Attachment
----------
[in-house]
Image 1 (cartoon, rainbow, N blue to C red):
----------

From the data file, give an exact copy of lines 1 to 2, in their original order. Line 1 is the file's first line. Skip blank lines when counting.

[in-house]
Image 1 (cartoon, rainbow, N blue to C red):